The Truth About Caffeine
For many, one of life’s greatest – and simplest – pleasures is enjoying a good cup of coffee. Because it contains caffeine, which stimulates the central nervous system, coffee can help get you going on a cold workday morning and keep you alert through an all-night study session. But, it seems like every other day there’s a new study out on how caffeine can affect your health – and the messages are often inconsistent. So, is caffeine good or bad for you? Here’s the lowdown on some common misconceptions:
- Myth: It’s addictive. Truth: Caffeine is a drug, and its regular use can result in mild physical dependence. If you suddenly stop consuming caffeine, you may experience a few days of withdrawal symptoms, such as headaches, irritability, fatigue, and difficulties concentrating. However, most experts do not consider caffeine dependence to be a serious addiction.
- Myth: It will interfere with your sleep. Truth: The human body both absorbs and eliminates caffeine quickly, with most of it usually gone within eight to ten hours. Therefore, it’s unlikely that a few cups of coffee in the morning will disrupt your sleep at night. On the other hand, if you consume coffee later in the day – roughly within six hours of bedtime – you may experience insomnia that evening.
- Myth: It will increase your risk of cardiovascular disease. Truth: Caffeine can cause a slight, temporary elevation in the blood pressure and heart rate of individuals who are especially sensitive to its effects. Nevertheless, several important studies have found no link between caffeine and cardiovascular disease. However, if you’ve been diagnosed with high blood pressure or a heart condition, you should talk with your doctor before consuming caffeine.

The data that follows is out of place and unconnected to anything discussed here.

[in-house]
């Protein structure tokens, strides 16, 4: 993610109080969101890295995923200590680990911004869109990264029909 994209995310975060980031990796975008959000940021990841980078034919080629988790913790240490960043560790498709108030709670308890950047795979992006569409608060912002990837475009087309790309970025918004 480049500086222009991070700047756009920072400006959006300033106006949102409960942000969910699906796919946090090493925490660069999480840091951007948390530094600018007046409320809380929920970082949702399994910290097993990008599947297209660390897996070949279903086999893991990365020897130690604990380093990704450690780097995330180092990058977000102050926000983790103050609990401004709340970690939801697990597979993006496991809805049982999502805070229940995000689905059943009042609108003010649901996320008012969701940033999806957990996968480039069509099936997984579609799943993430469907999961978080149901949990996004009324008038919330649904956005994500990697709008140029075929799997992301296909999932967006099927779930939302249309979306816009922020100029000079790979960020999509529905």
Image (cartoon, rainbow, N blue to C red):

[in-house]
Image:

- Myth: It will dehydrate you. Truth: Caffeine is a mild diuretic and can make you need to urinate, but the fluid you consume will usually offset any fluid floss. When consumed in moderation, caffeine should not cause dehydration.
- Myth: It is harmful to children. Truth: Some kids are sensitive to caffeine and may temporarily become irritable or anxious after consuming it, followed by a “crash” later on. In general, though, caffeine itself is not harmful to children. Rather, it is the sugary sodas, sweetened teas, and empty-calorie energy drinks – the sources of most of the caffeine consumed by kids – that can elevate the risk of obesity and other health conditions in children.
Caffeine actually may have a few health and wellness-related benefits. For instance, many regular coffee drinkers maintain that caffeine improves their energy, concentration, alertness, and even sociability, and there is scientific evidence to back up these claims. Additionally, some studies suggest that caffeine consumption may reduce the risk of liver disease, colorectal cancer, diabetes, Parkinson’s disease, and dementia. With regard to caffeine consumption, as with most anything else, most experts agree that moderation is key.
At South Tampa Immediate Care, our experienced medical staff is available to address your questions related to health, wellness, and nutrition. Our walk-in clinic is open Monday through Friday, 8 a.m. to 10 p.m., and weekends, 9 a.m. to 5 p.m., and we do not require appointments.